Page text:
Realizing the challenging transition to a low carbon planet depends on developing and developed nations’ actions. The policies and regulations taken forward by developing nations have the potential of not only addressing climate change but also laying the foundation for a sustainable, equitable, and prosperous future.
The climate crisis is a health crisis and the LAC health sector is meeting the challenge
“Climate change is one of our biggest health threats – humanity faces a staggering toll unless we act”, warns a recently published op-ed co-authored by the COP28 President, the Director General of the World Health Organization and the Special Envoy for Climate Change and Health. After years of fighting a devastating pandemic, the health sector worldwide – but especially in the Global South – is still struggling to recover, and make up for profound setbacks in its efforts to achieve Universal Health Coverage and other key global health commitments. But there has been no respite for health systems and facilities, as they have simultaneously been faced with a series of unprecedented climate impacts, ever increasing in frequency and severity. The WHO estimates that more than 12.5 million people die each year from diseases associated with environmental hazards, including those related to climate change. That is one in every four deaths. It has never been clearer that the climate crisis is a health crisis, one that will dwarf what we saw with COVID-19.
Fortunately, the health community is rising up to the challenge. Over the past few years, the global movement for climate and health justice has achieved significant wins. COP26 became the first to identify health as a priority of the Presidency, leading to the adoption of the COP26 Health Programme, launched jointly by the UK government, WHO and Race to Zero partner, Health Care Without Harm. Under this initiative, more than 75 countries have committed to developing climate-resilient, low-emissions and sustainable health systems, and WHO is supporting their implementation efforts through the Alliance for Transformative Action on Climate and Health (ATACH), established in June 2022. These, and many other achievements, provide evidence of a growing momentum for healthcare climate action.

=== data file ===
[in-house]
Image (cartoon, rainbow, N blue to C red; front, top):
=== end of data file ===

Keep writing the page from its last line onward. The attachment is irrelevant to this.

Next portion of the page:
Latin America and the Caribbean (LAC) have been an integral part of this movement. As the most unequal region in the world, the compounding social, climate and health challenges it faces require increasingly complex solutions. Nonetheless, in the midst of the pandemic, 10 LAC countries joined the COP26 Health Programme (Argentina, Bahamas, Belize, Chile, Colombia, Costa Rica, Dominican Republic, Jamaica, Panama and Peru), with two more joining since (Brazil and Ecuador).
Other policy developments in the region are also worth noting. For example, in the past few years Colombia has committed to develop a Comprehensive Climate Management Plan for the health sector (with HCWH proudly supporting the development of its mitigation component); Chile has enacted a national climate change law that mandates the adoption of sectoral plans for mitigation and adaptation, including the health sector in both; and Argentina became the first country to include healthcare decarbonization measures in its NDC, launched the first health sector project funded by the GCF Readiness program, and adopted a National Strategy on Climate Change and Health. Innovative policy instruments at the regional level have also emerged with the support of the Pan-American Health Organization, including the Caribbean Action Plan on Health and Climate Change, the Andean Climate Change and Health Plan 2020-2025, and more recently, the Mercosur Strategy on Climate Change and Health.